Bear in mind the further the jaws are positioned from the head of the nail, the more damage you will do to the wood as they dig in.

the sliding hammer or rammer is used to hit the jaws into the wood and then you can pull the nail out The jaw not attached to the pivot point should have pressure applied on it first, as it is being hit into the wood.

Then the base heel, or foot piece, can be pivoted on and the jaws will be pushed together.

nail pullers use their handle to hammer the tool under the head of a nail and remove the nail

Step 2 – Hammer into wood

The handle will move up and down, either inside the shank or on a sleeve over the shank, and knock the jaws into the wood, under the nail head, so they will grip the shaft of the nail or catch under the head.

the jaws grip harder to the nail the more it is levered over and the nail should pull out It may take a few hits to get the jaws into the wood. Ensure that you are holding the puller with the other hand as you use the handle, to avoid slipping.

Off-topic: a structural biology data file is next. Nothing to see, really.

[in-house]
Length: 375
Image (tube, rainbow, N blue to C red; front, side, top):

You may also want to watch your fingers as you use the sliding handle, it will be heavy and if you catch your skin as you slam it down, it will hurt!

the jaws grip harder to the nail the more it is levered over and the nail should pull out

Step 3 – Pull out nail

Once the jaws are gripping the nail, you can extend the handle, for extra leverage, and pivot the nail puller on its base heel; this will make the jaws grip tighter onto the nail as it pulls it out.

some nail pullers grip the nail shaft rather than under the nail head so longer nails can be removed For longer nails that don’t come out with the first pull, you should be able to reposition the jaws around the shaft of the nail and pull it out a bit at a time.

This is because the jaws often grip onto the shaft of the nail, if this is the case, headless nails can be removed as well.

Using a nail puller without a handle

The jaws of the nail puller will grip the shaft of the nail, they should be positioned either side of the nail head so they can be knocked under the nail